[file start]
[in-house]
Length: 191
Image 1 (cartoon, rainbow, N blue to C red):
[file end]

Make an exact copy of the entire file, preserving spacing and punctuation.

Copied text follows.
[in-house]
Length: 191
Image 1 (cartoon, rainbow, N blue to C red):